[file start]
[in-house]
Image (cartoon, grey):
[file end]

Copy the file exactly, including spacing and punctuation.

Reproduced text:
[in-house]
Image (cartoon, grey):